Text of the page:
Affordable housing is a promising challenge, and William McDonough + Partners is up to it. A firm specializing in architecture and community design with a cradle-to-cradle approach (a design style McDonough help found, by the way), William McDonough + Partners has created a recyclable residence known as the ICEhouse, the kind of thoughtful construction that will hopefully make a difference.
Built in only a few days, the ICEhouse (with the caps playing acronym for Innovation for the Circular Economy) primarily made from aluminum, polymer, aerogel, and Nylon 6, which means the ICEhouse can be broken down and rebuilt elsewhere. If, at the end, there’s no further need for the affordable house, the materials can be just as easily “returned to industry and endlessly remanufactured into new products with no loss in material quality.”
The biggest part of this big deal, at least from a construction angle, is the WonderFrame. A (patent-pending) flexible structural system, the WonderFrame is what McDonough aims to be the deciding factor in where such innovative affordable housing can pop up.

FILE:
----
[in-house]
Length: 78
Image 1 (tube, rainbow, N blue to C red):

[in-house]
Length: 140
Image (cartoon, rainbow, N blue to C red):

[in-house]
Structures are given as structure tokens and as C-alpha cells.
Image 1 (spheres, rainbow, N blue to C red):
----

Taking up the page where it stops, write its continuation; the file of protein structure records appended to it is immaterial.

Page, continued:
“The WonderFrame concept was designed with crisis situations in mind,” explains McDonough, “where quick-to-assemble and stable structures are essential, but also as a system that can evolve into a permanent, dignified solution for affordable housing.”
McDonough hopes that locally available materials become the go-to. While the initial WonderFrame was aluminum, research is already going toward figuring how plastics or bamboo could work.
The ICEhouse gained notoriety with its installation during this year’s World Economic Forum in Davos, Switzerland, where the refugee crisis was a decidedly popular topic. With another installation already planned for The Valley at Schiphol Trade Park in Amsterdam, which happens to be The Netherlands’ new National Hub for the Circular Economy, where McDonough is partner and master architect, the ICEhouse will continue to rebuild and adapt, a proper theme for an overly polluted and overpopulated world.
Check out the interior and exterior of the recyclable house below.
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